That’s because Gryphon distinguishes between primary and secondary cycles. Primary cycles are on average about 5-7 years long, with about 4-5 years of markets moving up (bull markets), followed by a market crash which usually lasts 1-2 years (bear markets).
These bear market cycles or market crashes (commonly defined as >20% market drawdown) usually take about two years to return to pre-crash levels. This is as opposed to a market disturbance or secondary cycle which occurs during the bull market phases. The secondary down cycles are generally called corrections, with declines greater than 10% but less than 20%, they are short in duration (rarely longer than three months) and are usually sentiment driven.
The Gryphon investment philosophy supports the opinion that, in an efficient market like ours, as well as in sizeable portfolios, it is easier, more reliable and consistent to add value through asset allocation than by stock selection.
“We believe it is possible to time the primary cycles of the market,” says Du Plessis. That is, to time the market from an asset allocation perspective, not timing the underlying individual stock selection.
Over time, and many cycles, the factors that most reliably drive markets have been identified, researched, implemented… and experienced in real life, he says.
“What we’ve learned is that it is possible to reasonably consistently call the primary market cycles.”
Gryphon’s asset allocation is based on quantitative indicators that predict primary bull/bear market cycles. This means keeping a hawk-eye on indicators such as the business and economic cycle, commodity prices, company earnings, interest rates and inflation.
It is all very well to get out of a market in time, or in Gryphon’s case, a bit early. But when is the time to get back in? Many commentators believe South African stocks are now priced for investment.
The team at Gryphon think it’s still too early to reinvest.
South Africa is a commodity-driven market. Globally, commodity prices are falling and, in addition, the currencies of commodity producers – the rand, Canadian and Australian dollars and the Brazilian real – are under pressure.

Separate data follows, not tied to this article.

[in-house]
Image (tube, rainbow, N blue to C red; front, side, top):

“As such, we see additional risk ahead,” says Beelders.
The local economy is not in great shape and expectations for local earnings are therefore also not exciting.
But, these days, at least 40 % of earnings of JSE-listed companies come from abroad. So what are the global signals saying?
There are a few factors to look at. Global equity markets are not particularly cheap despite the market pullback, most notably the US, UK and Europe. US employment statistics are bottoming out, which in the past has been a reliable indicator of economic downturns and bear markets in the US. And the US yield curve has recently inverted, which usually does not auger well for financial assets.
This partially explains the current volatility in global markets, says Beelders. In the event of an adverse future scenario, SA doesn’t get to escape unscathed. The local SA equity market never rallies when global markets are in a bear state.
“Our local and international indicators suggest that market volatility is likely to continue for a while and we don’t expect this to change for a while,” he adds.
“We are perfectly comfortable with the current 7% cash return, particularly given the mounting risks and volatility all around. We believe current inflation-beating cash returns with little risk and volatility is the best deal any investor could get now.”
Others might argue the current environment of low or negative interest rates and quantitative easing is “unprecedented”, making it impossible to rely on historical data and forcing investors to make predictions based on a new set of rules.
Du Plessis just laughs. “It’s always unprecedented.” BM